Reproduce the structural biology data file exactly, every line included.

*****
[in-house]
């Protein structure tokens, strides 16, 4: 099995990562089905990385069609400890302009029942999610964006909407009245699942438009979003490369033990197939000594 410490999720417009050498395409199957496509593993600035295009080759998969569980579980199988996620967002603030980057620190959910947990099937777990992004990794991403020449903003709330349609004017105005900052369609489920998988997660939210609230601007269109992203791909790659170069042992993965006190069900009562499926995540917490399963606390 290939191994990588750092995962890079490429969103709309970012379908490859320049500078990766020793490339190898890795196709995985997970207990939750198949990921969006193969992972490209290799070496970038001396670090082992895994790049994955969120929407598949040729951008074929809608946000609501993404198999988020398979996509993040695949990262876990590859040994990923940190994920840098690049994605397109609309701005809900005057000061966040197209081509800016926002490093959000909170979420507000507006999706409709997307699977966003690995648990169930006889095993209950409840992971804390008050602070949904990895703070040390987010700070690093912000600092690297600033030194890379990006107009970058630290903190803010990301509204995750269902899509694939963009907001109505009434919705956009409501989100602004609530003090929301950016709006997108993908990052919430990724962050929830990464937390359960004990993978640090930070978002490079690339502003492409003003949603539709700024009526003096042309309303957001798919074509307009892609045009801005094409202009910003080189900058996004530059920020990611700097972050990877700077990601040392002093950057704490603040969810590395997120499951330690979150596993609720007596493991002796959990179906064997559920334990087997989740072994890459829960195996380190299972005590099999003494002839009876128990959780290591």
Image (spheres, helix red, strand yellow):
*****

[in-house]
């Protein structure tokens, strides 16, 4: 099995990562089905990385069609400890302009029942999610964006909407009245699942438009979003490369033990197939000594 410490999720417009050498395409199957496509593993600035295009080759998969569980579980199988996620967002603030980057620190959910947990099937777990992004990794991403020449903003709330349609004017105005900052369609489920998988997660939210609230601007269109992203791909790659170069042992993965006190069900009562499926995540917490399963606390 290939191994990588750092995962890079490429969103709309970012379908490859320049500078990766020793490339190898890795196709995985997970207990939750198949990921969006193969992972490209290799070496970038001396670090082992895994790049994955969120929407598949040729951008074929809608946000609501993404198999988020398979996509993040695949990262876990590859040994990923940190994920840098690049994605397109609309701005809900005057000061966040197209081509800016926002490093959000909170979420507000507006999706409709997307699977966003690995648990169930006889095993209950409840992971804390008050602070949904990895703070040390987010700070690093912000600092690297600033030194890379990006107009970058630290903190803010990301509204995750269902899509694939963009907001109505009434919705956009409501989100602004609530003090929301950016709006997108993908990052919430990724962050929830990464937390359960004990993978640090930070978002490079690339502003492409003003949603539709700024009526003096042309309303957001798919074509307009892609045009801005094409202009910003080189900058996004530059920020990611700097972050990877700077990601040392002093950057704490603040969810590395997120499951330690979150596993609720007596493991002796959990179906064997559920334990087997989740072994890459829960195996380190299972005590099999003494002839009876128990959780290591």
Image (spheres, helix red, strand yellow):